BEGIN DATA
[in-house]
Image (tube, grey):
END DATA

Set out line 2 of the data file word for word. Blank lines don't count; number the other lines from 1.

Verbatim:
Image (tube, grey):